World Arts West
SF Ethnic Dance Festival

FESTIVAL DANCERS

Centeotl Grupo de Danza y Baile

DANCE ORIGIN: Oaxaca, Mexico
GENRE:
Folkloric
ARTISTIC DIRECTORS/CHOREOGRAPHERS:
Isai Pazos and Jennifer Robles
First Appearance in SF EDF:
2011
Website:
www.viveoaxaca.com

Regional Dance Group Centeotl of Santa Cruz was founded in December of 2002 by Nerida Robles, Fe Silva Roble, and Benigno Silva to preserve connection with the cultural traditions of Oaxaca and Mexico. Participants maintain physical fitness, live with respect for themselves and others, and work towards academic success in their new country. The tradition of Guelaguetza continues in Oaxacan communities in California, and Centeotl Grupo de Danza y Baile performs Flor de Piña in many cities every year.

2011 PERFORMANCE

CenteotlTITLE: Flor de Piña (Flower of the Pineapple)
DANCERS:
Jazmin Castaneda, Cindy Delgado, Aurora Fabian, Kenia Gonzalez, Kimberly Jarquin, Angeles Juarez, Romelia Macias, Gabriela Ortega, Roxanna Ortiz, Alondra Pina, Chanel Robles, Jenny Robles, Nicole Robles, Karina Romero, Jehimy Rosas, Jessica Serna, Kristen Silva, Katherine Sosa
MUSICIANS:
  Anahi Ambrocio, Emmanuel Ambrocio, Gerardo Ambrocio, Brenda Cipriano, Martin Contreras, Chelsy Cruz, Gereon Gonzales, Steve Gonzales, Alma Guzman, Jackie Guzman, Rosale Hernandez, Rene Jeronimo, Sixto Jeronimo, Alejandro Jezcas, Javier Miguel, Jesus Miguel, Modesto Miguel, Elizabeth Morales, Laura Reyes, Luis Antonio Reyes, Luis Reyes Sr.

Flor de Piña—Flower of the Pineapple, is a folkloric dance with indigenous origins, from the city of Tuxtepec in the Mexican state of Oaxaca. A gentle innocence surrounds sixteen young girls as they dance geometric patterns, hoist pineapples to their shoulders, and offer them as gifts. The dancers’ long braids represent purity and their bare feet show their connections to the Earth. The upbeat music speaks to the happiness of gathering and dancing in community.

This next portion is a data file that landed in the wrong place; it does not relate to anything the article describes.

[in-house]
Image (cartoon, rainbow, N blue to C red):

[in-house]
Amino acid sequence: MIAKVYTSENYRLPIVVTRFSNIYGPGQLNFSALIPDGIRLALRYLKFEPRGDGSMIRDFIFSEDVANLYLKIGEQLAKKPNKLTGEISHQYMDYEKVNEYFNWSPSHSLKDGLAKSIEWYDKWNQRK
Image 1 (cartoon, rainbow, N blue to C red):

A meditative tune called Tonalteca is played for the entrance and the exit and the dancers show off an ancient indigenous art form, the complex and colorful huipil. The huipil dress is a rectangle of cloth, handwoven on the backstrap loom used in Zapotec culture for thousands of years. Intricately embroidered symbols show bright flora and fauna and religious and cosmic concepts. For centuries—and today, as women wear them in modern Tuxtepec—the huipil dress acts as a kind of wearable indigenous resume: its symbols tell a woman’s identity, history and culture, social and marital status, religion, power, and personality.

Flor de Pina is the representative dance of Tuxtepec, the principle city of Oaxaca’s northeast Papaloapan region. The staging represents the world famous Guelaguetza fiesta, celebrated in Oaxaca City each July to honor Centeotl, the indigenous goddess of corn. The fiesta is an exuberant gathering of generosity, music, dance, and food. Groups from Oaxaca’s seven regions bring gifts to distribute—breads, vegetables, other fruits of the harvest that specifically represent their pueblos. Then, to celebrate these gifts, people from this community present representative dances. In 1958, choreographer Paulina Solis was commissioned to create a new dance, Flor de Pina, one that better represents Tuxtepec’s large indigenous population and its bountiful pineapple harvest.

Isai Pazos & Jennifer Robles learned Flor de Pina in Oaxaca’s Papaloapan region and also from instructors of Oaxaca’s Casa de La Cultura.

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